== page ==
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Geometric Model Improves Cantilever-Based Sensing

Photonics Spectra
May 2006
Richard Gaughan

Micromachined cantilevers in atomic force microscopes and sensors provide precise measurements of everything from molecular binding to acceleration, but their sensitivity can present a problem.

A reflected laser beam typically is used to measure small deflections in the cantilevers, which are a couple of hundred microns long. The location of the reflected beam depends on just about every geometrical relationship in the system, which makes it difficult to provide absolute calibration for cantilever-based instruments.


Micromachined cantilevers are sensitive enough to measure processes such as molecular attachment, but that sensitivity can degrade repeatability. A geometrical model of the laser sensing system has resulted in design rules to improve cantilever sensing accuracy. Courtesy of Luc Y. Beaulieu.

A method developed by Luc Y. Beaulieu of Memorial University in St. John’s, Newfoundland, Canada, along with colleagues from MIT in Cambridge, Mass., and from McGill University in Montreal provides absolute calibration in a robust procedure that promises to extend the applications of cantilever-based devices.

As part of a research program to improve the sensitivity and accuracy of the sensors, Beaulieu developed a mathematical model for the cantilever sensing geometry. The model includes the azimuthal and elevation angles of the laser beam reflected from the micromechanical beam, the cantilever length, the position of the laser spot on the cantilever, the distance from the spot to the position-sensitive detector and the angle of the detector plane relative to the normal to the cantilever surface.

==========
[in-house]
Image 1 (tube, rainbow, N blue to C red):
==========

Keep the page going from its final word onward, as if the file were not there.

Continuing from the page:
It uses standard vector geometry and geometric optics, and unlike previous approaches, there are no approximations. Approximate methods provide a linear fit for spot position as a function of cantilever deflection, but Beaulieu noted that the new model shows that the deflection curve of the position-sensitive detector versus the cantilever is never perfectly linear.

The investigators verified the model’s predictions by performing measurements using a macroscale, 41-cm-long cantilever. This prompted further investigation of the model, and Beaulieu said that they found that it is possible to “linearize” the position-sensitive detector versus cantilever deflection curve within experimental uncertainties to increase the ease of use of the systems.

The net effect is that a single, comprehensive set of measurements performed on initial installation serves to enhance the sensitivity and accuracy of a cantilever-based instrument. The angles will be measured with accurate mechanical methods, the distance from attachment point to laser spot will be measured with a microscope, and the distance of position-sensitive detector to cantilever will be determined with a method that the scientists are developing.

They are maintaining parallel modeling and experimental programs to accelerate their results, which Beaulieu said is important because he sees cantilever-based instruments as essential elements of improving health care.

Applied Physics Letters, Feb. 20, 2006, 083108

atomic force microscopesBasic ScienceFeature ArticlesFeaturesMicromachined cantileversMicroscopySensors & Detectors

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